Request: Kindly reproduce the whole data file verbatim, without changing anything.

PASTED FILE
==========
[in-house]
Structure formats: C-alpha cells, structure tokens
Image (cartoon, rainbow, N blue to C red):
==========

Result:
[in-house]
Structure formats: C-alpha cells, structure tokens
Image (cartoon, rainbow, N blue to C red):